Why Universal Health Coverage Needs Better Measurements

By Susann Roth

The issue of universal health coverage (UHC) is a hot topic these days. The WHO director general Margaret Chan calls it: “the single most powerful concept that public health has to offer”. 

The issue of universal health coverage (UHC) is a hot topic these days. The WHO director general Margaret Chan calls it: “the single most powerful concept that public health has to offer”. A report from the UN-established High Level Panel of Eminent Persons says it is the best hope for achieving better health outcomes in future. 

But what does universal health coverage actually mean? The WHO defines it as a system which ensures that all people can access the health services they need and in sufficient quality for them to be effective, while ensuring that the use of services does not expose the user to financial hardship. 

This definition embodies three related objectives: 

  • equity in access to health services - those who need the services should get them, not just those who can pay for them; 
  • that the quality of health services is good enough to improve the health of those receiving them; 
  • financial-risk protection - ensuring that the cost of using care does not put people at risk of financial hardship.

That’s a lot of ground to cover especially in Asia and the Pacific, where equity in access to health services is low, the quality of health services varies, and out-of pocket expenditures are the highest in the world.

The region, though, is looking to confront these challenges. ASEAN governments, for example stated in 2012 that they want to provide UHC for the more than 2 billion people in their sub- region.

So is their one common model for providing UHC that all countries in the region look to follow? 

The answer is no. Countries have neither simply adopted a National Health Service model, which relies on general taxes, one national risk pool, and publicly provided services available to all, nor a social health insurance model which relies on household premiums and payroll taxes, many risk pools, and services purchased largely from private providers available to those who have enrolled.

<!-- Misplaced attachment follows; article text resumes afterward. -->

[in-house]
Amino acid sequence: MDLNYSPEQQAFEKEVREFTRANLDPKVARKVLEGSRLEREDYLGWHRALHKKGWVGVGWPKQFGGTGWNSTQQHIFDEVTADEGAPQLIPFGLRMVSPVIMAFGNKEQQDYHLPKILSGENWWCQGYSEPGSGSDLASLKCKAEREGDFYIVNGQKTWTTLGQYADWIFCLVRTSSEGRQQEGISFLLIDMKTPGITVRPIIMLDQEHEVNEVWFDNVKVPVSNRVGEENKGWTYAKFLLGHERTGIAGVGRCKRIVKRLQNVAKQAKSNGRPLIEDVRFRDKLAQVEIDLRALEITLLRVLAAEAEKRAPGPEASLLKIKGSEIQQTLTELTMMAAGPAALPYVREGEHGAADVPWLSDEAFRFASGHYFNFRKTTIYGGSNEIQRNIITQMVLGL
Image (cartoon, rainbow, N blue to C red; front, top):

Instead many countries have created hybrid systems to meet their own specific needs. In short, there is no one size fits all model for successfully delivering UHC.  

A paper published in Lancet last year suggests looking at three dimensions when assessing progress towards UHC. They are:

  • Who is covered?
  • What services are covered?
  • What proportion of cost is covered?

The paper also suggests that common, comparable indicators of progress are needed to allow countries carrying out reforms to assess outcomes, and to make midcourse corrections in policy and implementation. Such a set of indicators would also allow development partners to design effective country specific investments in UHC.

At the moment progress towards UHC is driven by policy decisions which prioritize one dimension over the other and are affected by how successful a country has been in revenue generation and pooling and delivery ―  which depends on many factors.  

Indicators like coverage for example are often meaningless when we consider the weak Civil Registration and Vital Statistics systems and the low proportion of costs covered. Ultimately, this can send wrong signals about progress made towards UHC and create proclamatory UHC systems without much development impact.

For ADB, getting involved in developing common indicators to assess progress towards UHC, and assisting developing member countries to design and implement cost-effective hybrid systems is a challenging but rewarding task.